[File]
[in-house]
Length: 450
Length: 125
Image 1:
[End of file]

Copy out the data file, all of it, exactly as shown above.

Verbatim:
[in-house]
Length: 450
Length: 125
Image 1: